Jesus is so patient. He does not condemn or rebuke the apostles for their repeated questions or elementary understanding. Seeing how Jesus reacts to his disciples is important for my own prayer life. When I am tempted to blame myself for not knowing more than I do about prayer, the patience of the Savior calms my heart and draws me to him. I know from his treatment of the apostles that he wants me close and will listen to me even when I need to ask again and again, “Lord, how should I pray?”
His willingness to teach us again and again to pray tells us how important it is that we come to him again and again.
Too often I am too weak and distracted to pray as I ought. I am like the disciples who fell asleep while Jesus wept (Matt. 26:36–43). My shame can tempt me to give up praying, but the promises of the Spirit strengthen me. My lack of fervor is no reason to rein in my prayers. As I pray so weakly, the Holy Spirit strongly pleads for me with groans deeper than I can express to touch the heart of the Father. And the Father, who sent his Son and his Spirit to be our advocates, loves to listen—and respond.
The Father hears our prayers, not as the petitions of the fault-ridden persons we are but as the pleas of the infinitely holy and eternally loved Son, our Savior. Our union with Christ influences every dimension of the Christian life. When we worship, Christ is not only the audience of our songs, but through his Spirit he is also the singer (Eph. 5:18–20). When his servants preach, he is not only the witness of the sermon but the proclaimer (2 Cor. 4:5–7; 5:20; 2 Tim. 4:1–2). When we serve, he is not only the object of our service but the enabler (Phil. 4:13). When we pray, he is not only the Lord whom we seek but the One who speaks. When we pray in Jesus’ name, we pray with his identity.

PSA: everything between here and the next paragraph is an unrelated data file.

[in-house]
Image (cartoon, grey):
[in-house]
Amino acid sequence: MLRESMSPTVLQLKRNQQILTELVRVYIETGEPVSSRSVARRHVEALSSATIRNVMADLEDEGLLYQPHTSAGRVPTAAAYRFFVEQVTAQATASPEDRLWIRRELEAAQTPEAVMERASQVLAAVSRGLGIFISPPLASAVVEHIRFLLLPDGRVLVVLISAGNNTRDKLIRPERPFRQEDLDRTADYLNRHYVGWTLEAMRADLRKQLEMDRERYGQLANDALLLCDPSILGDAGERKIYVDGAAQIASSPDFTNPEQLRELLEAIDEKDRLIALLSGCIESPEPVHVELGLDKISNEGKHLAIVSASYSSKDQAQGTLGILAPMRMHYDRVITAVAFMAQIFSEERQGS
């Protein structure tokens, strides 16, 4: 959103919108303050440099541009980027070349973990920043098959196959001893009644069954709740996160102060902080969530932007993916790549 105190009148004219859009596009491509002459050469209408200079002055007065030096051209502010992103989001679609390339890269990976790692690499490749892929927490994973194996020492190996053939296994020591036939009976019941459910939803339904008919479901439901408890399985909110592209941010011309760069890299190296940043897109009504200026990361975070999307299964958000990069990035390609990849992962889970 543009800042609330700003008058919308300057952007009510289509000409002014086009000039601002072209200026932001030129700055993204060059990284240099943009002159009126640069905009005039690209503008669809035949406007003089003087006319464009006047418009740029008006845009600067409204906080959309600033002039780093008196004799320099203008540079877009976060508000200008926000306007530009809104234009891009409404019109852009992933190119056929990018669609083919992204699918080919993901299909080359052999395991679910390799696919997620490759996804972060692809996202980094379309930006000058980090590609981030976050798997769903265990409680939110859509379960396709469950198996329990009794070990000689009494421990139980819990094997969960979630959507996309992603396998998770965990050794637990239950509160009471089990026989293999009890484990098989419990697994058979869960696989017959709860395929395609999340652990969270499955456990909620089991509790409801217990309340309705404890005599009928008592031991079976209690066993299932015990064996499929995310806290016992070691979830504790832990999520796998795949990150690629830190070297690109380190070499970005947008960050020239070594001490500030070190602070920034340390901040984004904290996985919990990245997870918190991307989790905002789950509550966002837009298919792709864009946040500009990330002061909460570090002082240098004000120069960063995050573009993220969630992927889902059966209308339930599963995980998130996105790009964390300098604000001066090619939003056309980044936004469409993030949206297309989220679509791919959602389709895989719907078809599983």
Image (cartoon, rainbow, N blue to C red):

Favorite quotes:
Children pray, “Lord, give me what I want”; the mature pray, “Lord, conform me to what you want.” Children pray for the fulfillment of their desires; the mature pray for the fulfillment of the Savior’s purposes. Children pray for the things they can see; the mature pray that God will be seen. Children pray, “My will be done”; the mature pray, “Thy will be done.”
The Holy Spirit turns our prayers inside out, upside down, and backwards. By his work in us, not only do we seek Jesus’ priorities above our own, but we actually want to seek them. By the Spirit’s supernatural work, our natural desires take a backseat and the desires of our Savior take the driver’s seat. The Spirit overwhelms us with the depth of Christ’s love. Our heart responds with love for him and the desire to serve him, and we most want all that most pleases heaven. Not only does the Spirit use his power to fulfill our prayers in accord with God’s will, but he grants us love for Christ that makes us want what God wills.
We cannot pray according to God’s will and prioritize according to ours.
In biblical prayer, we think God’s thoughts after him. The Holy Spirit who indwells us speaks to the Father through the Son with whom we are united, so that God speaks to himself by the thoughts of the believer. These thoughts are ordered by the Spirit. He impresses on our mind principles of Scripture, whispers of the conscience, and impressions from life’s experience. These all combine to make our thoughts flow in the furrows that God intends. These furrows are not merely godly patterns of thought but also the soil that God uses to nurture and order the accomplishment of his will.

© Becky Laney of Operation Actually Read Bible

1 comment:

Susanne said...

This sounds like a very good book that lots could be gleaned from!